Two housing reports reflected ongoing fragility in the housing market and fed prevailing economic slowdown worries. Sales of new homes fell 0.8% in March, dragged down by a 5.2% slide in new multi-family home construction. Sales of single-family homes were a bright spot, rising 2.7% to a three-month high, though that hopeful note was tempered by an 8.8% drop in new application permits–an indicator of future new home building. Existing home sales also suffered a month-over-month decline in March, falling 2.4%. Sales plummeted 22% from March 2022 levels as higher mortgage rates and tight inventories impacted affordability.


Recently, you may have seen some headlines talking about an “inverted yield curve” and what it may mean for the economy. An inverted yield curve is just one indicator of the economy’s possible direction, so let’s put these headlines into context.

First, what is the yield curve, and what does it show? The yield curve is a graphical representation of interest rates (yields) paid out by US Treasury bonds. A normal yield curve shows increasingly higher yields for longer-dated bonds, creating an upward swing. An inverted curve has a downward slope, indicating that shorter-dated bonds yield more than longer-dated bonds, which isn’t typical.

Does an inverted yield curve mean we’re headed for a recession? Based on the historical track record of this indicator, yes, an inverted yield suggests a recession may be coming. Since 1976, a recession has followed an inverted curve every time. However, there are some important caveats to mention here:

An inverted yield curve needs to remain inverted to be considered an indicator. It’s normal for markets to fluctuate as conditions and investor sentiment ebb and flow. But, according to the experts, for an inverted curve to be a recession indicator it needs to stay inverted for a month or more, historically.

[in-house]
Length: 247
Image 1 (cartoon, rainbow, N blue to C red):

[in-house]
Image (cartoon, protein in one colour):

Recessions aren’t instantaneous. An inverted yield curve doesn’t mean a recession is just around the corner. Since 1976, the average time between an inverted yield curve and an official recession has been around 18 months; the longest was nearly three years. That’s plenty of time to prepare! It’s also worth mentioning that an inverted yield curve doesn’t cause a recession. The yield curve reflects bond market sentiment – it doesn’t drive it. The yield curve inverts when bond market investors feel like something may be up and, in response, favor shorter-term bonds over longer-term ones.

It’s a deceptive signal for your portfolio. An inverted yield curve does not mean it is time to sell. Historically, the market continues to advance following an inverted yield curve, gaining an average of 11.5% real return (net of inflation) since 1976. Don’t let one indicator spook you.

The takeaway here is that while an inverted yield curve may be unnerving, it’s by no means cause to panic. If anything, it’s an opportunity to assess your portfolio’s allocation against your risk tolerance, evaluate your household’s current spending, and potentially increase your emergency fund. Our team is closely monitoring economic conditions and will proactively alert you should we feel action needs to be taken. In the meantime, feel free to call us if you have any questions or concerns.